Wintry Wonders: 20 Birds to Look for in the Snowy Season
Birders and nature lovers will enjoy this roundup of cute photos of birds in snow, standing up to the icy and chilly weather.
Courtesy Anne Duvall
Red Birds in Snow
“At this time of year, we think of hanging Christmas ornaments on the tree. I also love to look outside and see nature’s ornaments. Nothing brightens a scene like red male cardinal birds in snow,” says Anne Duvall. Discover proven ways to attract cardinals.
Courtesy Natalie McCloy
Mourning Dove in Winter
“We had an early November snowstorm in Michigan. The birds are very active when it snows, so I always have my camera nearby. When I looked out my back window, I saw this beautiful mourning dove sitting on the deck rail,” says Natalie McCloy. Here are more breathtaking photos of mourning doves.
Courtesy Dave Lyman
Frosty Bird of Prey
“A juvenile Cooper’s hawk had been hanging around in our backyard for a few weeks hunting, but it was just out of reach of my camera. As luck would have it, it perched outside our bedroom window when the light was just right and I was able to take this picture,” says Dave Lyman. Learn how to identify Cooper’s hawks vs sharp-shinned hawks.
Courtesy Jody Partin
A Cheery Winter Chickadee
“While visiting my parents in northern Wisconsin, an early winter storm came and coated everything with ice. I went out with my camera to photograph black-capped chickadees. They did not seem bothered in the least by their icy perches,” says Jody Partin. You’ll love these incredibly cute chickadee pictures.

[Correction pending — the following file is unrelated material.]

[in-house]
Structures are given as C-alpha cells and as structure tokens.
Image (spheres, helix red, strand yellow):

Courtesy Betsy Brooker
Persistent Pine Siskin
“I admire the stalwartness of the bird in snow. He was rewarded with the prize of the seed in its beak,” says Betsy Brooker. Learn how to attract and identify pine siskins.
Courtesy Brenda Doherty
Blue Jay in Flurries
Courtesy Diann Marksberry
Winter White-Breasted Nuthatch
“I took this photo of a white-breasted nuthatch from my kitchen window. He is perched in the dogwood tree waiting for his turn at the feeder. I don’t get nuthatches very often, so it is always a treat when one shows up!” says Diann Marksberry. Discover the best foods to attract nuthatches to your yard.
Courtesy Don Kaddatz
Back for the Season
“Every winter, I look forward to the arrival of common redpolls. Last year they appeared later than usual, but it’s always such a nice surprise when they show up,” says Lilly Heibert. Discover surprising facts about arctic birds.
Courtesy Judith Dedes
Searching for a Snack
“It was the first snowstorm of the year in Dexter, Michigan, with 11 inches of snow. Yet this hairy woodpecker was out pecking for some bugs on the sweetgum tree in our yard,” says Judith Dedes. Here’s how to tell downy and hairy woodpeckers apart.
Courtesy Laura Retyi
Robin in a Berry Tree
“In Cincinnati, Ohio, we have a street that is lined with rows of hawthorn trees. Every winter, tons of robins gather to eat the berries,” says Laura Retyi. Here’s how to attract robins to your yard or garden.
Courtesy Bob Bauer
Sparrow in the Snow
“I chose this picture of a Harris’s sparrow sitting on an icy covered cedar branch. These birds in snow are not flashy; but are a delight to have in our yard,” says Bob Bauer. Don’t miss the 51 best winter bird photos.